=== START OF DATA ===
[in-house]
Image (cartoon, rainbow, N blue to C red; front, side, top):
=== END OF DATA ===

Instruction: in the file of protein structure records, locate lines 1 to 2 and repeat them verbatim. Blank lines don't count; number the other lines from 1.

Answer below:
[in-house]
Image (cartoon, rainbow, N blue to C red; front, side, top):